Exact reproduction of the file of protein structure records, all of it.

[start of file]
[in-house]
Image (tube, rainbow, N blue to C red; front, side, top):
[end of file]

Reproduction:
[in-house]
Image (tube, rainbow, N blue to C red; front, side, top):